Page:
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Up to 81.  Latest guidance maintaining a dry next 5 days and memorial day weekend.  Looking near normal overall, coller Thu (5/25) back near 70 or below.  Warming into the 70s Fri (5/26), Sat (5/27) and Sun (5/28).   Warmer by memorial Day (5/29).  Still wonder if the ULL throws more clouds into the area.  Next week looks warmer through Thu before front / trough comes in  with Ridge into the Rockies / Plains.

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1 hour ago, winterwx21 said:

Glad the high pressure is going to do the job and keep the rain well south of us for the holiday weekend, but the bad thing is it's really drying out again. Would love to see rain after the holiday weekend, but right now next week looks dry. It's back to watering the garden often. 

At least in my opinion I find these extended dry periods beyond annoying.  Pattern has been repeating for a while now.  Next 10 days look generally dry and with 10 day dry stretches it does not take long for the soil to dry.  Only saving grace lately has been "cooler" weather and persistent haze with some clouds.  You get a 10 day dry stretch with bright sun and temperatures in the m/u 80's + and grass and gardens left without irrigation will crisp quickly. 

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45 minutes ago, MANDA said:

At least in my opinion I find these extended dry periods beyond annoying.  Pattern has been repeating for a while now.  Next 10 days look generally dry and with 10 day dry stretches it does not take long for the soil to dry.  Only saving grace lately has been "cooler" weather and persistent haze with some clouds.  You get a 10 day dry stretch with bright sun and temperatures in the m/u 80's + and grass and gardens left without irrigation will crisp quickly. 

We did sod in our backyard last year. It’s dead. The drought killed it. Didn’t water it enough. Very sad. 

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An evening shower in some locations will usher in a noticeably cooler air mass. Overnight, readings will fall into the upper 40s and lower 50s in and near New York City and Newark. Outside the cities temperatures will fall into the lower and middle 40s. A few of the colder areas could see temperatures bottom out in the upper 30s.

Tomorrow will be fair and cool for the season. The temperature will top out in the upper 60s to around 70°. Readings will likely remain below normal through the start of the weekend.

Typically, a very warm April is followed by a somewhat cooler than normal May in the Middle Atlantic region. With the guidance now showing a late week cool shot, the probability of a somewhat cooler than normal May has continued to increase.

The ENSO Region 1+2 anomaly was +1.7°C and the Region 3.4 anomaly was +0.5°C for the week centered around May 17. For the past six weeks, the ENSO Region 1+2 anomaly has averaged +2.40°C and the ENSO Region 3.4 anomaly has averaged +0.37°C. Neutral ENSO conditions will likely prevail through at least mid-spring. El Niño conditions will very likely develop during the summer.

The SOI was -64.63 today. That is the lowest figure since the SOI plunged to -80.41 on February 5, 2010.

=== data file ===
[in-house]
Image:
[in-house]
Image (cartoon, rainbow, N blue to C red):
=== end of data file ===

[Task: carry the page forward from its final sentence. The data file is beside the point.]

The preliminary Arctic Oscillation (AO) was +1.792 today.

On May 22 the MJO was in Phase 7 at an amplitude of 1.476 (RMM). The May 21-adjusted amplitude was 1.274 (RMM).

Based on sensitivity analysis applied to the latest guidance, there is an implied 54% probability that New York City will have a cooler than normal May (1991-2020 normal). May will likely finish with a mean temperature near 63.0° (0.2° below normal).

 

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6 hours ago, Dark Star said:

While "burping" Popocatépetl in Mexico is not expected to have a major eruption?  Also, I assume a 20,000 foot high ash cloud is not likely going to affect northern hemispheric temperatures in about 8 months or so (even if it keeps slowly spewing)?

The issue is volume, it’s just not enough material. Popocatepetl sits on the Trans Mexican Volcanic Belt and is very high altitude so it gets an easy assist with lobbing tephra into the stratosphere, 20,000 ft is only 3,000 ft higher than the summit of the volcano. While an uptick for this system (that’s been constantly active on a smaller scale for a while now), it’s still at best a VEI 3 level eruption from what I’ve seen, and you would need two orders of magnitude more tephra to produce climate effects. 

It’s worth noting that Popocatepetl has done VEI 5 level eruptions in recorded history, so it’s always possible the uptick in activity could escalate into something major but IMO it is unlikely.

Shiveluch’s recent eruption was a small VEI 4 but was still not large enough, stitch ten of them together and you’re in the ballpark. Hunga Tonga was the correct size but deposited most of its material into the ocean despite the monstrous plume (which was primarily phreatic; steam).

The scale gets really crazy. Three Hunga Tonga’s equals Novarupta or Krakatoa. 4-5 of those = Tambora (eruptions this massive happen somewhere around 2-3 times per millennium).

Starting at VEI 3, each level of the scale is an order of magnitude larger. You want to be around a mid VEI 5 (roughly 5km^3 of tephra volume) to start to see climate impacts, modulated by the composition of the erupted magma. Eruptions can have greater or lesser sulfur concentrations, and sulfur is the primary driver of volcanic cooling. 
 

Edit: GeologyHub estimating the past three days of Popocatepetl = VEI 3 level. 

https://youtu.be/HtKh6CTtxwI